again in different words without a reason, for he was desirous to render sin more detestable by doubling the terror with which it is accompanied. But the gift of God-Some consider righteousness to be the subject, and the gift of God the predicate in this proposition, and translate it, eternal life is the gift of God; but this sense entirely destroys the antithesis. Sin, as the apostle shows, produces only death; the gift of God, by our justification and sanctification, he now adds, procures for us the happiness of eternal life. As sin is the cause of death, so righteousness, the gift of Christ, restores eternal life to believers; and it follows from this, as a most certain conclusion, that our salvation is wholly to be ascribed to the grace and mere kindness of God. Were this not true, he might have said the wages of righteousness is eternal life, making one member of the sentence to correspond with the other; but he was fully satisfied that we obtain eternal life as a gift of God, and not our own merit. Nor is this one simple gift; for, being clothed with the righteousness of the Son, we are reconciled to God, and regenerated to holiness by the power of the Spirit. He added, in Christ Jesus, for the purpose of removing from our minds and hearts every opinion of our own peculiar and proper dignity.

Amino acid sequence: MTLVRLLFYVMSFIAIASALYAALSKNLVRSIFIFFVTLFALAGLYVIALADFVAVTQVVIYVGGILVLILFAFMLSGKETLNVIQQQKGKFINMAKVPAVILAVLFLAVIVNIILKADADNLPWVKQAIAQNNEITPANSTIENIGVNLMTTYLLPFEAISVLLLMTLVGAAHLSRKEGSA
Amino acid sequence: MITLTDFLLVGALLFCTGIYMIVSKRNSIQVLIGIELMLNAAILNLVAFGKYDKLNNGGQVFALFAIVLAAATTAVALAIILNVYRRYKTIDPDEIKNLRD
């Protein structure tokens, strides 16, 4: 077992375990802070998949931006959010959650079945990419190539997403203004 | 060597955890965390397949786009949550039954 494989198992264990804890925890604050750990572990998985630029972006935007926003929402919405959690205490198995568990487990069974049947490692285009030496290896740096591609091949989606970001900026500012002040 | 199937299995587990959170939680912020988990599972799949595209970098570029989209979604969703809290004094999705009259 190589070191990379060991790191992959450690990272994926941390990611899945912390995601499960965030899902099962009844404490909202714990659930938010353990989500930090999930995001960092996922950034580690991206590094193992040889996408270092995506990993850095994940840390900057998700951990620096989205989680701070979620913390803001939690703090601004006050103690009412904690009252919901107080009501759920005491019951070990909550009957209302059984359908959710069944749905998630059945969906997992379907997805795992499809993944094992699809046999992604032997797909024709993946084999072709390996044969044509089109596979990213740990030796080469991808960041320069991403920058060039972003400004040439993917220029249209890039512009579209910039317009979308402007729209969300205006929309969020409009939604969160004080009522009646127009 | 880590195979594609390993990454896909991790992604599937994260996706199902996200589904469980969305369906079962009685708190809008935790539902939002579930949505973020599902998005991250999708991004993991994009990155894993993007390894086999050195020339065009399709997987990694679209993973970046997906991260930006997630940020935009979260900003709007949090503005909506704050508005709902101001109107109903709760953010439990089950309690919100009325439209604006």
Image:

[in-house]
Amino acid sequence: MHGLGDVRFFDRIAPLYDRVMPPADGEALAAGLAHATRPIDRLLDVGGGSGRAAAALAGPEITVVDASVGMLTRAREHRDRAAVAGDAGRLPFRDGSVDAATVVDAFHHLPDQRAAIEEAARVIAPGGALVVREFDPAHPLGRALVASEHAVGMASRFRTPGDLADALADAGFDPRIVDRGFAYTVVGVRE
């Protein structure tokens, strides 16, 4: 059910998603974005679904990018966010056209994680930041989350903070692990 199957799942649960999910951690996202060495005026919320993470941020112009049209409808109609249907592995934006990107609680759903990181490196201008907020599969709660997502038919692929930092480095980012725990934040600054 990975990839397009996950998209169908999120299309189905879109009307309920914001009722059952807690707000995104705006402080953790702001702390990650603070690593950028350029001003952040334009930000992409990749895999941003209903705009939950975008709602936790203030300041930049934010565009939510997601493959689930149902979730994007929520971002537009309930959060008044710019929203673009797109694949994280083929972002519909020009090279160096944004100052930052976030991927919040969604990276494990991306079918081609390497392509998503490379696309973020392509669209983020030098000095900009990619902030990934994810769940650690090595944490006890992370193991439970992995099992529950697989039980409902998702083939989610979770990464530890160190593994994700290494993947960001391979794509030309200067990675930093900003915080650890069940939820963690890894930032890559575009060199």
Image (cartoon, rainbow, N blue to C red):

1 KNow ye not, brethren, (for I speak to them that know the law,) how that the law hath dominion over a man as long as he liveth? 2 For the woman which hath an husband is bound by the law to her husband so long as he liveth; but if the husband be